CBE Puts Private Banks in Cash Strap

Unlike the previous trend importers have to deposit 100pc margin

The National Bank of Ethiopia (NBE) has advanced to the state-owned banking giant, Commercial Bank of Ethiopia (CBE), one billion dollars in foreign currency, which risks putting private banks in a liquidity crunch.

The announcement made two weeks ago led depositors of private banks to withdraw their deposits in huge sums. This sudden outflow of cash from almost all the private banks escalated in the last week, according to sources from the private banks.

Two weeks ago, CBE started releasing pending applications for Letters of Credit (LC), which had been delayed for the past 10 months. The Bank started releasing foreign currency after securing forex from the central bank. The main beneficiaries are companies that are engaged in the manufacturing sector.

Unlike the usual practices, the margin, which is the amount required to be deposited at the bank to get an LC, is 100pc of the required amount. Previous trends required depositing 30pc of the value of the LC requested.

“Cash withdrawals have been enormous, starting from the past two weeks,” said a senior bank manager who wished to remain anonymous. “It has been affecting our deposit mobilisation.”

CBE’s deposit mobilisation has been increasing during the past years. In the last six months of the current fiscal year, CBE managed to mobilise 320 billion Br, which is only 150 billion Br less than the deposits mobilised by all 16 private banks put together.

When asked for comment, Tiruneh Mitafa, vice governor of NBE for Financial Institutions Supervision Cluster, said that he is not informed about the issue at all and that details are available at the foreign reserve department of the National Bank.

“The liquidity problem will be severe because a huge amount of deposits will be drained out of private banks as importers move their deposits to CBE in a rush to scramble on limited foreign currency,” commented Abdulmenan Mohammed Hamza, a banking expert, and analyst at London Portobello Ltd.

Zafu Eyesusworqe, board chairman of United Bank shares Abdulmenan’s view. “The liquidity problem could affect the banks to the extent of killing their power to disburse loans, especially the newer and younger banks,” commentedZafu.

Last year, NBE’s injection of 2.3 billion dollars to CBE caused private banks to lose deposits of about 4.4 billion Br within a few weeks.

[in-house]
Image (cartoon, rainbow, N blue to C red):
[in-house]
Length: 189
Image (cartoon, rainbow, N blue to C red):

“Considering this fact, private banks might lose deposits of up to two billion Br to CBE,” Abdulmenan said in a written comment to Fortune.

“This grant of foreign currency from the central bank shows the preferential treatment CBE is getting from the government. This is very unfair to private banks as it is eroding their competitive position in many ways such as foreign currency dealing, deposit mobilisation, liquidity level and maintaining customers,” according to Abdulmenan.

This action of the central bank came after a severe foreign currency crisis that the country has been facing since the beginning of the current fiscal year. Last year’s foreign currency earnings were 500pc lower than the amount the country spent on import items during the year. Ethiopia spent 16 billion dollars on imports while the foreign currency earning was only three billion dollars.

Aggravating the problem has been the decline of the country’s foreign currency earning following the recent political unrest in the country. On the other hand, loans and grants to the country have declined as donors and development partners cut their funding because of the high amount of money donated last year to drought relief efforts.

“The private commercial banks whose liquidity positions had been severely affected, had to borrow cash from the NBE in order to meet the liquidity requirement of 50pc of Net Current Liability,” explains Zafu.

Belihu Takele, acting communications manager of CBE, told Fortune that the relevant departments were not available to make a comment as of the time of printing.


Published on Apr 08,2017 [ Vol 17 ,No 883]



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